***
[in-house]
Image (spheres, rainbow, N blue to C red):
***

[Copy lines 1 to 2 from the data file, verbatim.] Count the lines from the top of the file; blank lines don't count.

[in-house]
Image (spheres, rainbow, N blue to C red):